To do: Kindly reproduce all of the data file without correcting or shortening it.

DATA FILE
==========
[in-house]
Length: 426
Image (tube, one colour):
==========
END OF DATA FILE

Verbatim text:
[in-house]
Length: 426
Image (tube, one colour):